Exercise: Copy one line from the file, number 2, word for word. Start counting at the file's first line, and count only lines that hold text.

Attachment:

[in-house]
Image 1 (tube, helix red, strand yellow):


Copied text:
Image 1 (tube, helix red, strand yellow):